October 18, 2022
BEIJING – Policymakers around the world have been facing a dilemma — how to deliver economic growth and at the same time preserve nature. Countries face the challenge of shifting to a path of win-win policies for the ecology and the economy.
For the developing world, this opens a new pathway to development, creating jobs and prosperity by going green. In this sense, China is setting an example for the developing world at large, which can take a leaf out of China’s book.
Since the 18th National Congress of the Communist Party of China in 2012, China has abolished extreme poverty — 10 years ahead of the United Nations’ 2030 Agenda for Sustainable Development target — and made remarkable achievements in economic development.
According to China’s National Bureau of Statistics, the nation’s average contribution to global economic growth was the highest during the 2013-21 period, exceeding 30 percent. In 2021 alone, China’s economic aggregate accounted for 18.5 percent of the world’s total after currency translation based on average annual exchange rates — the second largest in the world and up 7.2 percentage points from its 2012 global share.
As a response to the call for all-out war against pollution, the concept of an ecological civilization was elevated to be a national strategy in 2012. An ecological civilization is a concept promoted by President Xi Jinping for balanced and sustainable development that features harmonious coexistence between mankind and nature.
This concept brings us a very different way of environmental thinking. It is positive, being focused on creating a better world for everyone.
An ecological civilization is predicated on the belief that humans can and should live better, healthier lives in harmony with nature. The emphasis is on how to organize the global community in a new way to work on issues with global implications. We should act out of respect for Mother Earth, on whom we all depend, and in so doing increase the happiness and dignity of human beings.
To build a beautiful China, the country has launched an ambitious plan for a system of national parks. China is on track to keep a total area of 230,000 square kilometers of land under national-park protection and give space to endangered species such as the giant panda, Siberian tiger and Tibetan antelope. The 10 national parks, which are spread across 12 provinces, are dedicated to protecting the habitats of vulnerable species such as snow leopards and bringing them back from the brink of extinction.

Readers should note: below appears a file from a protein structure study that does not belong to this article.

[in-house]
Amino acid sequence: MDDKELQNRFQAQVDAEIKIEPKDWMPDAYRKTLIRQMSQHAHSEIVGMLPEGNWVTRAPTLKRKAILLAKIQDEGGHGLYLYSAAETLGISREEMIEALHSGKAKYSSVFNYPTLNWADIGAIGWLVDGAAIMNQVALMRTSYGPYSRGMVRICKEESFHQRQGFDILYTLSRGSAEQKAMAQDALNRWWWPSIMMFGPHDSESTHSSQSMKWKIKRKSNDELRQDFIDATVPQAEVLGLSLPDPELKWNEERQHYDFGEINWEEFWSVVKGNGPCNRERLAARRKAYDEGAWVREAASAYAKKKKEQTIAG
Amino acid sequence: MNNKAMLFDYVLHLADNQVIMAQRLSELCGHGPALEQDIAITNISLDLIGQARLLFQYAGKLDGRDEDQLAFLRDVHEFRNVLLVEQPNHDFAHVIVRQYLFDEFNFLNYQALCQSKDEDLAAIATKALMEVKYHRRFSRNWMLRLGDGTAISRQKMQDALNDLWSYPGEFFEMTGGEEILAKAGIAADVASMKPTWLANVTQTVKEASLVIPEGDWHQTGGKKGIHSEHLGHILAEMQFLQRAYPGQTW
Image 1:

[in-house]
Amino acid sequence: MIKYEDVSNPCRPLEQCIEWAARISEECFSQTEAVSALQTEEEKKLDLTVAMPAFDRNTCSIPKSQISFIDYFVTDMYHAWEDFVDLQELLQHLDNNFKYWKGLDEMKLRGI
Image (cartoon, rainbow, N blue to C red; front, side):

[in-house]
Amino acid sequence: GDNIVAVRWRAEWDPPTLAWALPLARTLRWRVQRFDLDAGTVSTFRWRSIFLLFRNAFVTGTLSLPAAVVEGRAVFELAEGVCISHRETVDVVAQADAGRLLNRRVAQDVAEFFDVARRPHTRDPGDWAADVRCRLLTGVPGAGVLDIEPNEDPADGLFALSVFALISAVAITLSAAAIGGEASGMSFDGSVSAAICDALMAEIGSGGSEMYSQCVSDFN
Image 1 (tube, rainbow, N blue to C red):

In addition, China is now by far the most enthusiastic tree planting nation in the world, having planted more than 78 billion trees in the past four decades, doubling the forest coverage rate from the early 1980s.
Under the leadership of the Communist Party of China, the nation is now taking the lead in renewable energies. Over the past decade, global solar panel manufacturing capacity has increasingly shifted from Europe, Japan and the United States to China, which has become a leader in investment and innovation in solar panels. The International Energy Agency said in a special report in July that China now holds a market share in excess of 80 percent in all the stages of solar panel manufacturing.
The latest UN projections suggest that the world’s population could grow to around 8.5 billion in 2030 and 9.7 billion in 2050, before reaching a peak of around 10.4 billion people during the 2080s. The population is expected to remain at that level until 2100.
The planetary crises such as climate change are putting the living environment of humans and other species in jeopardy. We need the concept of ecological civilization to achieve a harmonious relationship with nature.
The 20th CPC National Congress is an opportunity for China to celebrate more than 40 years of the most unprecedented economic growth anywhere and at any time in world history and the success of bringing nearly 100 million rural residents out of poverty. It is also the opportunity to highlight the country’s resolve to accelerate its green transition.
The author is president of the Belt and Road Initiative Green Development Institute and former executive director of the United Nations Environment Programme. The views do not necessarily reflect those of China Daily.